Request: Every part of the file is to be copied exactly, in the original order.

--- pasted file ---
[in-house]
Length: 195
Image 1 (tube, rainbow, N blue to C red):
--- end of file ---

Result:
[in-house]
Length: 195
Image 1 (tube, rainbow, N blue to C red):